Ronny Tong emphasises strict prosecutorial standards under Hong Kong’s new security law

Chow Hang-tung (left) and Ronny Tong (right).

30th May 2024 – (Hong Kong) Hong Kong’s recent application of its domestic national security law has sparked a significant legal debate after activist Chow Hang-tung and six others were detained under accusations of seditious activities linked to commemorations of the Tiananmen Square events. Chow, a prominent figure and former leader of the now-disbanded Hong Kong Alliance, is currently held at Tai Lam Centre for Women on separate charges.

These arrests mark the initial enforcement of the Safeguarding National Security Ordinance, accentuated by Security Chief Chris Tang ‘s focus on seditious content alleged to have been posted on the “ChowHangTungClub” Facebook group since April. The content reportedly stirred animosity towards both central and local authorities, coinciding with the 35th anniversary of the Tiananmen Square crackdown.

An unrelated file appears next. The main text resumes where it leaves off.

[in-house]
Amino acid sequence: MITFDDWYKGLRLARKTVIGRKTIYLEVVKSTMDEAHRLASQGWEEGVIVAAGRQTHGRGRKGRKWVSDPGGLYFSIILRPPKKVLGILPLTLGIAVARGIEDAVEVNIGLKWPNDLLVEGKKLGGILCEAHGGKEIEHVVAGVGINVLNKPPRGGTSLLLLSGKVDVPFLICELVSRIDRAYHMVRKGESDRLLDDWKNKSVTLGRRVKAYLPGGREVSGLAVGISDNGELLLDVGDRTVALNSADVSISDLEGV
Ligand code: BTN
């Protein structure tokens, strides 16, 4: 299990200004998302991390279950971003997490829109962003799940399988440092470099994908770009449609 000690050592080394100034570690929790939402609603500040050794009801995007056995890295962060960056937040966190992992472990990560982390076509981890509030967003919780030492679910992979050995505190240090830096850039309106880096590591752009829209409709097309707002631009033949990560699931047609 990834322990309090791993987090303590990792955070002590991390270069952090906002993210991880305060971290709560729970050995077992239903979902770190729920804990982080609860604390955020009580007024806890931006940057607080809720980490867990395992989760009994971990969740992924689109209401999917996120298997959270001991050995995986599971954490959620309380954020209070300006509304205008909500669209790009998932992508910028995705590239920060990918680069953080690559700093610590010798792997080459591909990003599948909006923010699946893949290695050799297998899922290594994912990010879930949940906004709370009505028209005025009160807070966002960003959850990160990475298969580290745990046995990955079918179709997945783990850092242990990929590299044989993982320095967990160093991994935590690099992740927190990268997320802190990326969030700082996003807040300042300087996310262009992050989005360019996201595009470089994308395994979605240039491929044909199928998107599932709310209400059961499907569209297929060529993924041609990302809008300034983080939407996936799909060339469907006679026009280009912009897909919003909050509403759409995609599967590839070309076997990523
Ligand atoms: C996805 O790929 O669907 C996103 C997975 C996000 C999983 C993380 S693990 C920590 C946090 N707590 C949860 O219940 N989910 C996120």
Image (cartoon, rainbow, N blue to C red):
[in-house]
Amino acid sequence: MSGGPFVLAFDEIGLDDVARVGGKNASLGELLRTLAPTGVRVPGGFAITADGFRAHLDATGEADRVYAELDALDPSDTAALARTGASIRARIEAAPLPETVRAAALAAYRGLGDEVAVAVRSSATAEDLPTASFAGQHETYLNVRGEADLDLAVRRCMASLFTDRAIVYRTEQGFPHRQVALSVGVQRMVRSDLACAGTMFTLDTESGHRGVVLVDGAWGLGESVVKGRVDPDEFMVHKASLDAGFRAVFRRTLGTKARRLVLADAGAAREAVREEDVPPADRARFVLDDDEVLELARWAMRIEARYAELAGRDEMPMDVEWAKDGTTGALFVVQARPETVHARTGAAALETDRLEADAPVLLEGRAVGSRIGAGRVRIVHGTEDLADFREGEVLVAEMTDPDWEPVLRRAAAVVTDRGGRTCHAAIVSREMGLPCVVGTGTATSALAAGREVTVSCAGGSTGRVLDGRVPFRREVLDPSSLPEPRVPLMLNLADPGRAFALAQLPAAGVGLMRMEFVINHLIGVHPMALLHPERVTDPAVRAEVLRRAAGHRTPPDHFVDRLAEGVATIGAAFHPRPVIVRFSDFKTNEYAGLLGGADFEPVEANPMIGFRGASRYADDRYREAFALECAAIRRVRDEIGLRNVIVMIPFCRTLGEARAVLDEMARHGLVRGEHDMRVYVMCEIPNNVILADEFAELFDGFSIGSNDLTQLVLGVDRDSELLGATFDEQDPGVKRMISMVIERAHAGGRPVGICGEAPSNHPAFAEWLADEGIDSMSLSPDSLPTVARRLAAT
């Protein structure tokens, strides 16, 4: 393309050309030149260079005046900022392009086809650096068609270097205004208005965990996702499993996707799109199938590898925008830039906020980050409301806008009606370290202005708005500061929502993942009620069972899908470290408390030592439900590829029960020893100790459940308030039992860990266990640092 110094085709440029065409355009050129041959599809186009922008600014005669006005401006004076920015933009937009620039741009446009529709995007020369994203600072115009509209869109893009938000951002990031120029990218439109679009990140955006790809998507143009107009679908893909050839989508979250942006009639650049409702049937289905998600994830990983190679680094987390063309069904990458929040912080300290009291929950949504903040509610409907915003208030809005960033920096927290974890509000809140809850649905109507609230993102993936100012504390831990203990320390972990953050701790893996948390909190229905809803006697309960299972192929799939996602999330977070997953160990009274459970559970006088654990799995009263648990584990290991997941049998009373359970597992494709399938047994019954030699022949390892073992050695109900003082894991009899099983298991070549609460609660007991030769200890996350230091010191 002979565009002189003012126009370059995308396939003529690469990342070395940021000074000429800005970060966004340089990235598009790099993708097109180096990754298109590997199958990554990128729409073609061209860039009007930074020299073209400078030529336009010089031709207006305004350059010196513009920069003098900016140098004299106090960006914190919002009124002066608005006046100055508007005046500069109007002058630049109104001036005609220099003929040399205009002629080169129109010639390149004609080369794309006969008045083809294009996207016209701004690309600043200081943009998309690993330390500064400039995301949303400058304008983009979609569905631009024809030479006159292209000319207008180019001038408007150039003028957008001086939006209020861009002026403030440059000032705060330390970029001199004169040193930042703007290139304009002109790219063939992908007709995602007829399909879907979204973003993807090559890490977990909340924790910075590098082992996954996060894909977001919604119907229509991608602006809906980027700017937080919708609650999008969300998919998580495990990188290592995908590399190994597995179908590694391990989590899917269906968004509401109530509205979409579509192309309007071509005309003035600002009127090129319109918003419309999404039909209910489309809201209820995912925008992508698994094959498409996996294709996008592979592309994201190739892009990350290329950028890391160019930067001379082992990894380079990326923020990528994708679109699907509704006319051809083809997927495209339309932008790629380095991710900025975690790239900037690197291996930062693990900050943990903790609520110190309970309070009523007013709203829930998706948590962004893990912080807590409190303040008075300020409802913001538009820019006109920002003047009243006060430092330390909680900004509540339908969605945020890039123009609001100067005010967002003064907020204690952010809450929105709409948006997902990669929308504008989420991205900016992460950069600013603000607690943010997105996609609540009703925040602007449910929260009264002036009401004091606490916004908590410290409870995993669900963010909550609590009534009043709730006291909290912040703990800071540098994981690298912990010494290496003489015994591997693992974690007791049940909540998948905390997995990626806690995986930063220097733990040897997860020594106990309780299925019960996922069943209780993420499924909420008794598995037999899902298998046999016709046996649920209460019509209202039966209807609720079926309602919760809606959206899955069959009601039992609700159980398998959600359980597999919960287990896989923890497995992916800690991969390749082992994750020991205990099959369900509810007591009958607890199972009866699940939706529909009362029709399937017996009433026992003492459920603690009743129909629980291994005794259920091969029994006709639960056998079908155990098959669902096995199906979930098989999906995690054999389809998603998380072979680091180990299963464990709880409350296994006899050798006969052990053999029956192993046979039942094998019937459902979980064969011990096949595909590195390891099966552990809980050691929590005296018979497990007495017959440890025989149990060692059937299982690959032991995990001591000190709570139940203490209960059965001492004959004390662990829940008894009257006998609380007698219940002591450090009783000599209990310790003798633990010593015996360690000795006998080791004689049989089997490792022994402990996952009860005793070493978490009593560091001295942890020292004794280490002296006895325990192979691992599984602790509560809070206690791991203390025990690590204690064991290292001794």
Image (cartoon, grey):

Albert Chen, a legal scholar from the University of Hong Kong, highlighted the adjustments in the legal framework, noting the transformation of sedition laws from colonial times to now target actions undermining the state’s fundamental system. This shift necessitates that residents self-assess the potential seditious nature of their speech or publications under the new law, potentially chilling free expression.

Meanwhile, Ronny Tong Ka-wah, a barrister and member of the Executive Council, stated that any decision to charge must include a written justification from the justice secretary, assuring that the evidence meets necessary legal standards of effect and intent.